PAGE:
Compassion Key to Being a Child Life Specialist
Source Newsroom: University of Alabama
Newswise — TUSCALOOSA, Ala. -- While some young boys might dream of being an astronaut or football player when they grow up, one just hopes to grow up. In and out of remission for the past couple of years, his life has revolved around pain, fatigue, frustration, fear and long hospital stays.
Sara Howard meets children like this on a daily basis. As a child life specialist intern at Cincinnati Children’s Hospital Medical Center, the 22-year-old University of Alabama senior understands the importance of play.
“When you see a kid who has been battling cancer over and over, you wonder why it’s happening,” she said. “But when you give that child a toy and they really start to play, they become so lost in what they’re doing that nothing else matters.”
Child life specialists help children and their families overcome challenging life experiences, particularly those relating to health.
“People always think that you must be cold and hard to be able to work with kids and families who are suffering so much,” said Howard. “But it’s my compassion and heart that allows me to do just that.”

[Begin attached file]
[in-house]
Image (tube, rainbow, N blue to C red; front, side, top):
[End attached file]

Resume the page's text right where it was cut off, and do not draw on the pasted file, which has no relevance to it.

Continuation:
The child life profession has developed and grown tremendously over the years. There are now 47 certified child life specialists in Alabama, according to Child Life Council, a nonprofit organization representing more than 5,000 child life professionals, associates and students across the nation. While traditionally found in hospitals, an increasing number of child life specialists are finding work in doctor’s offices, specialized camps, schools, court systems and other nontraditional settings.
The growth in The University of Alabama’s child life program mirrors the growth seen in the field. Universtiy faculty measure the growth of the program by looking at the number of seniors accepted into it. In 2005, there were six seniors completing their coursework and applying for internships; that number now stands at 20 to 25 seniors.